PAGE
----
Many patients receive prescription opioids during treatment for opioid addiction
More than two in five people receiving buprenorphine, a drug commonly used to treat opioid addiction, are also given prescriptions for other opioid painkillers - and two-thirds are prescribed opioids after their treatment is complete, a new Johns Hopkins Bloomberg School of Public Health study suggests.
The findings, published Feb. 23 in the journal Addiction, demonstrate the need for greater resources devoted to medication-assisted treatment, a common clinical tool to address the epidemic.
The idea behind medication-assisted treatment is that patients are given low-dose opioids that produce some of the effects of opioids while staving off physical withdrawal symptoms. The low-dose opioids produce weaker effects than drugs such as oxycodone or heroin, which come with the risk of addiction and overdose. With medication-assisted treatment, rigorous studies have shown that patients are more able to remain healthy and productive members of society.
Historically, the most common drug to treat opioid use disorders has been methadone, though over the past 15 years, buprenorphine, a shorter-acting opioid similar to methadone, has been increasingly used instead. For this study, the researchers looked at prescriptions for buprenorphine and Suboxone, a combination of buprenorphine and naloxone, an anti-overdose medication. Rather than requiring a special clinic like methadone does, buprenorphine can be prescribed in a doctor's office, making it accessible to more patients.
"Policymakers may believe that people treated for opioid addiction are cured, but people with substance use disorders have a lifelong vulnerability, even if they are not actively using," says study leader G. Caleb Alexander, MD, MS, an associate professor of epidemiology at the Johns Hopkins Bloomberg School of Public Health and the co-director of the School's Center for Drug Safety and Effectiveness. "Our findings highlight the importance of stable, ongoing care for these patients."
Increases in prescription opioid use over the past two decades have led to an epidemic of addiction, injuries and deaths in the United States. In 2013, providers wrote nearly 250 million opioid prescriptions, enough to supply every adult in the United States with a bottle of pills. While it is sometimes appropriate for a patient to receive a prescription opioid during medication-assisted treatment - patients who are in acute pain from a major trauma or surgery may require short-term prescription opioids in addition to their medication-assisted treatment - the researchers say they are concerned to see such high rates of combined use of these products. This pattern suggests that many patients do not have well-coordinated treatment for opioid use disorders and chronic pain, which could lead to higher rates of relapse or overdose, Alexander says.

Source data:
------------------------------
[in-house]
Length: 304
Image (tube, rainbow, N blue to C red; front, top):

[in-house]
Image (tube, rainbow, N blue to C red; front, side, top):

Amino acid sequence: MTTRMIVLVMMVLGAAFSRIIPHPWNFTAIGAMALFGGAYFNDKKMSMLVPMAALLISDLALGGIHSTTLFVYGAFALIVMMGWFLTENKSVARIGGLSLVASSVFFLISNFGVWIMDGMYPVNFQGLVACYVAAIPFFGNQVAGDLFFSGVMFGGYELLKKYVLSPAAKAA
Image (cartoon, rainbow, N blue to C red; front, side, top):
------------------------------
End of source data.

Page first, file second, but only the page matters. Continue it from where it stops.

For their study, Alexander and his colleagues examined pharmacy claims for more than 38,000 new buprenorphine users who filled prescriptions between 2006 and 2013 in 11 states. They looked at non-buprenorphine opioid prescriptions before, during, and after each patient's first course of buprenorphine treatment, which typically lasted between one to six months. Even though there are no universally agreed-upon guidelines regarding the optimal length of treatment, most people discontinued buprenorphine within three months.
They found that 43 percent of patients who received buprenorphine filled an opioid prescription during treatment and 67 percent filled an opioid prescription during the 12 months following buprenorphine treatment. Most patients continued to receive similar amounts of opioids before and after buprenorphine treatment.
Because the study data lacked information on patients' use of illegal opioids like heroin, the results likely underestimate the proportion of patients using opioids during and after buprenorphine treatment. "The statistics are startling," says Alexander, "but are consistent with studies of patients treated with methadone showing that many patients resume opioid use after treatment."
Recent federal efforts have tried to improve the availability of medication-assisted treatment, so providing ongoing professional education and support to these providers will be important.
"Unlike methadone, buprenorphine can be prescribed for opioid use disorders in primary care, so it is an important treatment option for clinicians and patients to have," says study co-author Matthew Daubresse, a doctoral student in the Department of Epidemiology at the Bloomberg School. "But many patients, especially those with shorter lengths of treatment, appear to be continuing to use prescription opioids during and after buprenorphine treatment. We need to find better ways to keep patients engaged in long-term treatment, and these efforts couldn't be more urgent given how many Americans continue to die or get injured from opioids."
"Non-Buprenorphine Opioid Utilizations Among Patients Using Buprenorphine" was written by Matthew Daubresse, Brendan Saloner, Harold A. Pollack and G. Caleb Alexander.